And just like that, my interest in those endless philosophical dilemmas dissolved. What a timesaver.

If anyone can locate that post / commenter, I'd be grateful.

Comment author: Fyrius 29 January 2011 09:31:08AM 1 point [-]

I don't know the Overcoming Bias entry, but this article makes the same point. (And might be by the same author.)

http://commonsenseatheism.com/?p=13737

Comment author: AnnaSalamon 18 March 2009 09:39:06PM *  4 points [-]

With Marshall, I'm surprised there are so few apparent gains listed. Are most people who benefited just being silent? We should expect a certain number of headache-cures, etc., just by placebo effects or coincidences of timing. I’ll post mine below; I hope others do so. If you’ve spent many hours on OB/LW-type content and haven’t benefitted, post that, too. Data on harms or on lack of harms also welcome.

Comment author: SeanMCoincon 31 July 2014 12:10:56AM *  2 points [-]

The most useful skill I've developed has been in meeting immaturity (both in rationale and delivery) with maturity (ditto). I work in a heavily right-wing workplace that refuses to allow anything but Fox News on anything resembling a television. This is my training environment. Even in the presence of highly irrational and emotionally charged convictions, I've found that the ability to maintain an uninvested calm and slowly help my partner to make their argument better (through gradual consilience with reality) can result in ACTUALLY CHANGED MINDS. The first step seems, invariably, to point out those counterfactuals that back them away from absolute confidence; when presented as potential improvements ("You'd probably see greater success at decreasing the actual number of abortions if you could find ways to enable people to only purposefully conceive a child.") even a position they once reviled can seem outright tasteful. The key appears to be presentation of oneself as a potential ally, so as to avoid the "I must engage on all fronts" mentality that prevents meaningful engagement at all.

Comment author: CannibalSmith 16 March 2009 10:13:23AM *  2 points [-]

I've become marginally better at predicting how much time something will take.

Comment author: PhilGoetz 16 March 2009 02:08:45AM 4 points [-]

I don't think I can answer this, since I think I was a rationalist by nature - at least back to the age of 5 or 6, when I was upset by logical fallacies in the Bible. My life has been more one of discovering things that being a rationalist made me bad at, and things that being a rationalist given bad information made me bad at, and trying to fix them.

I'm bad at translating thought into action, because I want to gather more data and do more analysis. I'm bad at status games, because I internalized egalitarian values to the extent that I find it painful to assert dominance over anyone. I'm bad at self-promotion and displaying value, because I was taught that doing so was prideful. Etc. A familiar story, I think.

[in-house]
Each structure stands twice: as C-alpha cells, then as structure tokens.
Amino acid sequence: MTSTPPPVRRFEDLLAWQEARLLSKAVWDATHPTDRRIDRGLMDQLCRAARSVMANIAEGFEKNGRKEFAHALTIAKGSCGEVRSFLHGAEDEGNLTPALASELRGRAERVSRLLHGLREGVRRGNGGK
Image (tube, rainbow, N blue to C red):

Comment author: psycho 16 March 2009 09:53:29PM 2 points [-]

I am not sure your 5 or 6 year-old logical fallacy discoveries in the Bible are much of a proof of being rational. I would imagine your actions that you have taken or are taking to achieve some difficult goal would be better proof of your rationality.

Just a thought...

Comment author: Oklord 12 April 2011 02:50:03PM 1 point [-]

Certainly, thought rigor. I've been constantly testing every damn thing I do, be it research, leadership or what have you. What might have been a previous gut decision in work with groups now involves testing the motives of all involved, including myself, and being incredibly weary of any viewpoint that seems like a shortcut from myself or others.

The evaluation of others has certainly been improved- Predicting and rationalizing others behavior has become a lot easier (In at least one case allowing me to cherry pick co-workers for an assignment when I really should not have been able to), and I'd like to think I'm slowly working through and against general attribution bias.

Also, fear of failure/Want to get out there has reduced significantly, to the point where opportunities have come floating by every other day now. Unfortunately this has developed an acute Fear Of Missing Out, and I've reached the point where I need to cull responsibility... Too many unfinished projects and not enough time.

Comment author: FeepingCreature 21 January 2012 11:16:14AM -1 points [-]

This may not count, and it's more of a fringe benefit anyway, but reading LW/EY gave me confidence that Many-Worlds is probably something that's true about reality, and that in turn has practically eliminated my far-mode fear of death.

Comment author: MarkusRamikin 21 January 2012 11:49:44AM *  1 point [-]

and that in turn has practically eliminated my far-mode fear of death.

...why?

Comment author: FeepingCreature 21 January 2012 06:48:17PM 0 points [-]

Because I don't anticipate ever not finding myself to exist.

Comment author: APMason 21 January 2012 06:56:55PM 0 points [-]

It seems like if you say "because of MW, I ought to anticipate all possibilities to be actualised", you have to include possibilities such as "suddenly and apparently inexplicably undergoing the most extreme torture a human being can undergo" (as well as the inverse - but, really, we know they don't cancel out), so if that were the correct interpretation of MW, it wouldn't be a reason not to fell fear (although, yes, perhaps the fear of death in particular would go out the window).

However, it doesn't seem like that is the correct interpretation of MW, because not all apparent branching points are in fact quantum branching points. If someone offers me a choice between orange juice and apple juice, and I prefer orange juice, I shouldn't anticipate choosing orange juice in one universe and apple juice in another. I prefer orange juice, so I choose the orange juice.